Net foreign assets falling despite narrower budget deficit, mystifying economists and diplomats monitoring Riyadh.
Saudi Arabia’s foreign reserves resumed falling in July, according to data published by the country’s central bank on Thursday.
The figures suggested that the government may remain under pressure to draw reserves down to cover a budget deficit caused by low oil prices.
Riyadh began liquidating the reserves in late 2014, and they dropped sharply from a record $737bn in August that year.
In June 2017, they rose month-on-month for the first time in over a year, prompting speculation that Riyadh might have cut its deficit enough to no longer need cash from the reserves.
But Thursday’s data showed the central bank’s net foreign assets fell by $6.3bn from June to $487bn in July, their lowest level since early 2011.
The reserves shrank 12.8 percent from a year earlier.
The fall occurred despite the government’s launch of monthly domestic issues of Islamic bonds in July, which raised 17bn riyals.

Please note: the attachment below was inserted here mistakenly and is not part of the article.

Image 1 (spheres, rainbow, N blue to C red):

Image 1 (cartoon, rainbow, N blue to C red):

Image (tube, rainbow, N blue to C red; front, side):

Officials have not commented in detail on the reasons for the drop in reserves, though some have suggested it is due to private sector activity, not government spending.
Some analysts have speculated the fall is due to spending on Saudi Arabia’s military intervention in Yemen. But this is unlikely.
In June, an international banker in touch with Saudi authorities said much of the decline in foreign assets appeared due to the transfer of money to state funds investing abroad – particularly the main sovereign wealth fund, the Public Investment Fund (PIF).
Riyadh has said it wants to cover the deficit through debt sales as much as possible rather than by running down the reserves.
Riyadh sold foreign securities in July to raise money, the data showed.
The central bank’s holdings of foreign securities shrank by $4.3bn from June to $333bn, while deposits with banks abroad edged up by almost $1bn to $95bn.
Thursday’s central bank data also pointed to a weak Saudi economy.
Outstanding bank loans to the private sector shrank from a year earlier for the fifth straight month in July; they fell 1.3 percent, after a 1.4 percent drop in June.